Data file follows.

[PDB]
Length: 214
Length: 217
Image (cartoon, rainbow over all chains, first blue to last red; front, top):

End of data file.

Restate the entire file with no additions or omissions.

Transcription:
[PDB]
Length: 214
Length: 217
Image (cartoon, rainbow over all chains, first blue to last red; front, top):